To take over a garrison all of the bad guys have to die. Rex can stealth into the base, performing silent takedowns upon inattentive soldiers. Or, there is always the overt machine gun and grenade method which can cause reinforcements to show up if the enemies are not dealt with quickly enough. Each base is surrounded by a Mega Shield whose sole purpose is to keep out the titular Blood Dragons which will attack anything that moves. Turning off or blowing up the Shield’s generator will cause the electronic walls to fall and havoc to ensue. But for the option of throwing dragons that shoot laser beams out of their eyes into the mix, the stealth/guns-blazing dichotomy is not that unique, but the paths to success are. Because all of these little bases are placed in an open world, players can choose what path is the best way to infiltrate. The front gate, jumping over a small side wall, hang gliding in from above or in a few instances diving underwater into the heart of the territory all are available as options on how to get in and end cybernetic life. Depending on the surrounding geography it is even possible sometimes to sit on a hill near the base, spot and identify all of the tangos, and proceed to headshot all of them before they have a chance to call for help. Not every base will yield to the same pressures and methods of destruction, but that is part of the fun of the Far Cry games, determining how to best attack a location based upon the landscape.

In addition to granting experience points which lead to levels and little upgrades, more health, less damage, etc., clearing garrisons will turn the red skybeams green and make other side activities available. All of these involve shooting, but they add additional restraints to make things harder. Some involve killing supped up versions of the beasts that wander the landscape with specific weapons or rescuing a hostage from several baddies who will begin to kill said hostage whenever they see Colt or evidence of his presence. As with the garrisons themselves, none of these activities should take very long and are all varied enough so that they remain entertaining until they are all completed. They are completely optional but do grant additional income that can be used to buy better guns and additional ammunition.

It is also possible to buy maps that show the dozens of collectibles available for finding, with or without a map. Of course I recommend a map. These will unlock special weapon upgrades for purchase at weapon vending machines to increase ammo capacity or improve stability (whatever that means). Rex will quip many times as he collects these trinkets with gems like “Why am I doing this?” or “Well, at least I don’t have to find any fucking flags!” Which pokes fun at another Ubisoft game and ignores the basic problem: collectibles are usually not that fun to collect. This game proves the rule, and not by exception. Making the meaningless things to find VCR tapes and static-ridden CRT televisions in a drab island instead of Templar Flags in Acre does not solve the problem of having a bunch of junk-collecting padding out the game.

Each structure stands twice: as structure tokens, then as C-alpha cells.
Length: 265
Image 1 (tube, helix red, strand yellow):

Lame collectibles aside, this is an entertaining downloadable game that for the most part has a sense of what era it wants to emulate and goes for it without getting rid of what you would expect from a modern action game. The only real criticism I have of it is that the jokes are inconsistent. The text that appears in the loading screens and information files is very self aware that the speaker is talking about things that could only live in a silly 80s movie, but all of the humor in the game world takes things fairly seriously, which is not what you want in something this dumb. Too many winks at the camera make the piece a parody and not a loving homage. It is jarring to switch back and forth between the two styles of comedy. Maybe they were shooting for something akin to Stephen Colbert’s ‘The Word’ segments, but it does not come off as effectively here as game action and dialogue and menu text is not coming from the same place or perspective. It would have been better if the menus were played straight to lean into the fiction and setting of the main game.

If this were a full retail game, it would be harder to recommend as it is possible to finish everything there is to do, including picking up all of the glowing trash, in 12-15 hours. Thankfully, it is way less than sixty bucks and you can play it right now without even having to go to the store. You don’t even need to own a copy of Far Cry 3 proper. That kind of convenience is something unthinkable in the era when cybersoldiers would have been considered a legitimate subject for a game or a sci-fi blockbuster. I don’t think I need an entire full-sized campaign featuring simplistic music and a person named Sergeant Rex Power Colt fighting the Omega Force, but for a short but substantive digital release that looks as good as a full retail game, it works great.


+ Fantastic sense of style
+ Shooting is fun, weapons are well animated
+ Multiple ways to attack various situations

– Sense of humor is inconsistent
– Can be repetitive in long stretches
– Not much replay value

Game Info:
Platform: Reviewed on XBLA for Xbox 360, also available on PC and PSN
Publisher: Ubisoft
Developer: Ubisoft Montreal
Release Date: 4/30/2013
Genre: First-Person Shooter
ESRB Rating: Mature
Players: 1
Source: Game purchased by reviewer

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About the Author

Steve has been playing video games since the start of the 1980s. While the first video game system he played was his father's, an Atari 2600, he soon began saving allowances and working for extra money every summer to afford the latest in interactive entertainment. He is keenly aware of how much it stinks to spend good money on a bad game. It does things to a man. It makes stink way too much time into games like Karnov to justify the purchase.